One Hundred Years of Pierrot Lunaire

I’m a bit annoyed with myself for having forgotten to mark the centenary of the first performance of Arnold Schönberg’s extraordinary work Pierrot Lunaire, which took place on October 16th 1912, in Berlin. Here’s a hasty reworking of an old post to make up for my lapse.

It’s hard to know exactly what to call Pierrot Lunaire. It’s basically a musical setting of a series of poems (by Albert Giraud, but translated into German) so you might be tempted to call it a song cycle. However, it’s not quite that because the words are not exactly sung, but performed in a half-singing half-spoken style called Sprechstimme. Moreover, they’re not really performed in the usual kind of recital, but in a semi-staged setting rather like a cabaret. It’s not really an opera, either, because there’s only one character and it doesn’t really have the element of music drama.

The whole thing only lasts about 40 minutes so the 21 individual pirces are quite short, and they’re arranged as three groups of seven with the narrator Pierrot dealing with different themes in each group. The work was written in 1912 and is his Opus 21, so it’s a relatively early example of  Schönberg’s atonal music but before he turned towards full-blown serialism. Atonalism isn’t everyone’s cup of tea, but it can (and does in this case) allow a hugely varied musical landscape to be constructed by a small group of instruments.

I’ve heard this work before, on the radio, and found it very intriguing but then I saw a youtube clip of the film version made in 1997 with Christine Schäfer as Pierrot. This is not a film of a concert or a recital, but an extraordinary visual response to the remarkable music and words. The director, Oliver Hermann, creates a grotesque dreamlike urban setting through which Pierrot wanders like a ghost, with emotions alternating between desperate alienation and amused reflection. I think music and film together create a wonderful work of art, which has gone right to the top of my list of favourite music DVDs.

Atonal music is very good for communicating a sense of disorientation and loneliness, course. The lack of tonal centre (or key) means that the listener is denied the usual points of harmonic reference. Hum doh-ray-me-fah-soh-la-ti and you’re drawn very powerfully back to the tonic doh. Deny this framework and the listener feels discomforted, but also, at least in my case, gripped.

Miles Davis’ classic album Kind of Blue - arguably the greatest jazz record of all time – was the first record I heard in which jazz musicians experimented with atonalism, and it has the same effect on most listeners: a spreading sense of melancholia and introspection. Perhaps not great for party music, but, in its own way, extremely beautiful.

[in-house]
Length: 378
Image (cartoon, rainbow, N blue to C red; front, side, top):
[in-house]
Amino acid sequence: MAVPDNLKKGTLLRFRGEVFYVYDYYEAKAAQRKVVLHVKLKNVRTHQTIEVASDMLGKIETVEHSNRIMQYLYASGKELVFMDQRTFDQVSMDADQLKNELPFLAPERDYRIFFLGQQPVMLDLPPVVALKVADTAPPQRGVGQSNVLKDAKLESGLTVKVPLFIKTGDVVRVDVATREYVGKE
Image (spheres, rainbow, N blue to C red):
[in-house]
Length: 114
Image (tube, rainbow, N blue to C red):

Here’s the clip I saw on youtube that started me off on this. It’s the eighth item of Pierrot Lunaire (or, more accurately, the first of the second group of seven; Schönberg was quite obsessed with the number 7, apparently). It’s quite short, so hopefully won’t upset those who can’t stand atonal music for more than a few seconds, but it nicely exemplifies the extraordinary surreal imagery conjured up by the director as a response to the equally extraordinary music. Fantastic.

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3 Responses to “One Hundred Years of Pierrot Lunaire”

  1. Anton Garrett Says:

    I found this a perceptive analysis of Schoenberg’s atonality:

    http://www.guardian.co.uk/music/2009/jan/17/classical-music-schoenberg

    What is beyond doubt is that people who lead culture shifts, whether for good or ill, are likely to face riots from people who don’t like it. This was one. The opening night of Bunuel’s remarkable film L’Age d’Or was another. The reaction to Rodin’s statue of Balzac with people shaking their fists at it is another. And the fight that you (Peter) referred to earlier on this blog, taking place after an early modern jazz concert, is a further example. People who seldom write their emotions are clearly deeply stirred by cultural currents.

    • telescoper Says:

      Pierrot Lunaire also got a very mixed reaction at its first performance.

      I remember reading an interview with Charlie Parker who bemoaned not the fact that some were hostile to his music, but that he generated so many people who simply wanted to copy him. That, he said, wasn’t the idea at all. It’s deeply ironic that orthodoxies take hold so quickly.

  2. Bryn Jones Says:

    Incidentally, there was a musical centenary yesterday: that of the birth of the great conductor Sir Georg Solti.

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